It is because of our security efforts that we are seeing life blossom in places that had previously seemed deserted. Activity is returning to villages, and communities are buzzing, moving toward prosperity. Prosperity means that children can survive past their fifth birthday. They can go to school and they can help contribute to a better future for Afghanistan.
We need a patient eye in examining Afghan progress. I turn to our critics, those who believe that Canada should abandon Afghanistan, and I ask them to look at the progress that has been achieved. Yes, I know it is different from what we expect here in Canada, but this is Afghan progress. After years of war and poverty, Afghans are defying all opposition and choosing to move in a new direction, choosing freedom and democracy.
Canada has had a significant role in changing Afghan expectations for the future. We have worked to create hope where there had been only despair. Canada has taken up its rightful place in the world. We are making a difference, but I cannot support the motion before the House today.
Mr. Speaker, I will be splitting my time with the member for .
I want to begin my comments on a personal note. My father was a World War II veteran. Both of my grandfathers fought in World War II; one was decorated for bravery in the field. In fact, he was gassed during World War I, and he would not be embarrassed at all. I am hearing some catcalls from the other side. And in fact I have been in harm's way, not with the military but in a conflict zone.
I say that because I have been very discouraged during this debate when we have heard members of this House question the loyalty of members when they stand to actually pose questions because that is what our job is.
If we look at the importance of what we do here, it is exactly what we are doing here, the essence of democracy and freedom that we hear so often as the clarion call from other members. Yet, strangely, paradoxically enough, they say that we should not be debating this issue, that we give some sort of strange aid to the enemy by even discussing it. In fact, nothing could be further from the truth.
When we take a look at this motion and we take a look at this mission, we need to establish what this motion is about and what it is not about.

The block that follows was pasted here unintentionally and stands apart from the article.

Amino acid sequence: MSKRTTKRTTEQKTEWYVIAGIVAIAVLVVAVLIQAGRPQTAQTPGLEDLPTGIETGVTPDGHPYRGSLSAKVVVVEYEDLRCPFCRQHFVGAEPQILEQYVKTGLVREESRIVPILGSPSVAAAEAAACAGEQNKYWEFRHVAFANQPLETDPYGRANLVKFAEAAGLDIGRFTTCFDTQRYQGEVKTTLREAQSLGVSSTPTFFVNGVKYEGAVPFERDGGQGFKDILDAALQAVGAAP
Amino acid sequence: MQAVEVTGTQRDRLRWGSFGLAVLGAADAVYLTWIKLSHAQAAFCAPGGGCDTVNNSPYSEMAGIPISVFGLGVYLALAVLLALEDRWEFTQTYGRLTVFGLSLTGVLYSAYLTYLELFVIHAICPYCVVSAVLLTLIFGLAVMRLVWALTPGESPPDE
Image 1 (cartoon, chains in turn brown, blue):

It is about being responsible actors on the world stage. When we take a look at a mission that is not working, in terms of its counter-insurgency aims, in terms of the methods that are being used, it is responsible to stop, pause and tell our NATO partners it is time for us to withdraw responsibly. That is what is in the motion. We believe that real security will not be achieved if we continue down this path that we have continued on in the last couple of years in the south of Afghanistan in Kandahar.
The evidence is mounting. It is not just with the lack of understanding and clarity in terms of turning over prisoners. We have seen in this House the confusion of the government as to how to deal with that. But it is also evidenced on the ground in Afghanistan. What we see are disparities continuing to increase. We see that in places that are more secure, like Kabul, they had electricity on a regular basis. Now electricity is failing there. Yet, we see an increase in the number of people who are benefiting from some of the money that is being poured into the area.
What we need to do is to ensure that everything we do, that all the action our government takes, is going to benefit the people of Afghanistan. To date, we have seen a focus on spending our money, putting our resources into a fighting mission, and not into a mission that will bring lasting peace.
We just have to look at what is happening in the area of conflict in Kandahar to see that not only are men and women in our forces sadly losing their lives, but we also see increased conflict within the region. We see increased deployment of terrorists, for sure, but what are these motivations? What are the motivating factors and what is the success in defeating them? What seems to be clear is that the counter-insurgency tactics we have used have not been working.
We know that other members of NATO have used other tactics. If we look at the success of the Dutch, for instance, who had a full debate before they deployed troops, they had clear mandates in terms of rules, responsibilities, and the handing over of prisoners. If we look at their rules of engagement, they are entirely different from ours. The reason is pretty clear. It goes back to how we got here.